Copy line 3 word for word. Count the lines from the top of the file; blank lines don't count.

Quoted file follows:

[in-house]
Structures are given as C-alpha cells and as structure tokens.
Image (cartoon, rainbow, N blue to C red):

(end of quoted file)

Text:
Image (cartoon, rainbow, N blue to C red):